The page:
86: Introduction to Evidence-Based Decision Making

Introduction to Evidence-Based Decision Making

Jane L. Forrest, Syrene A. Miller, Greg W. Miller and Michael G. Newman

Each day, dental care professionals make decisions about clinical care. It is important that these decisions incorporate the best available scientific evidence to maximize the potential for successful patient care outcomes. It is also important for readers of this book to have the background and skills necessary to evaluate information they read and hear about. These evaluative skills are as important as learning facts and clinical procedures. The ability to find, discriminate, evaluate, and use information is the most important skill that can be learned as a professional. Becoming excellent at this skill will provide a rewarding and fulfilling professional career.

Background and Definition

Using evidence from the medical literature to answer questions, direct clinical action, and guide practice was pioneered at McMaster University, Ontario, Canada, in the 1980s. As clinical research and the publication of findings increased, so did the need to use the medical literature to guide practice. The traditional clinical problem-solving model based on individual experience or the use of information gained by consulting authorities (colleagues or textbooks) gave way to a new methodology for practice and restructured the way in which more effective clinical problem solving should be conducted. This new methodology was termed evidence-based medicine (EBM).12 EBM is defined as “the integration of the best research evidence with our clinical expertise and our patient’s unique values and circumstances.”31

The use of evidence to help guide clinical decisions is not new. However, the following aspects of EBM are new:

These changes have evolved along with the understanding of what constitutes the evidence and how to minimize sources of bias, quantify the magnitude of benefits and risks, and incorporate patient values.13 “In other words, evidence-based practice is not just a new term for an old concept and as a result of advances, practitioners need (1) more efficient and effective online searching skills to find relevant evidence and (2) critical appraisal skills to rapidly evaluate and sort out what is valid and useful and what is not.”27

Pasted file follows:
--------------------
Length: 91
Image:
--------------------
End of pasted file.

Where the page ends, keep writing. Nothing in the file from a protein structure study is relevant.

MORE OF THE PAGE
Evidence-based decision making (EBDM) is the formalized process and structure for learning and using the skills for identifying, searching for, and interpreting the results of the best scientific evidence, which is considered in conjunction with the clinician’s experience and judgment, the patient’s preferences and values, and the clinical and patient circumstances when making patient-care decisions. Translating the EBDM process into action is based on the abilities and skills identified in Box 86-1.31

Principles of Evidence-Based Decision Making

The use of current best evidence does not replace clinical expertise or input from the patient but rather provides another dimension to the decision-making process,11,16,19 which is also placed in context with the patient’s clinical circumstances (Figure 86-1). It is this decision-making process that we refer to as “evidence-based decision making” and is not unique to medicine or any specific health discipline; it represents a concise way of referring to the application of evidence to clinical decision making.

EBDM focuses on solving clinical problems and involves two fundamental principles, as follows13:

EBDM is a structured process that incorporates a formal set of rules for interpreting the results of clinical research and places a lower value on authority or custom. In contrast to EBDM, traditional decision making relies more on intuition, unsystematic clinical experience, and pathophysiologic rationale.13

Evidence-Based Dentistry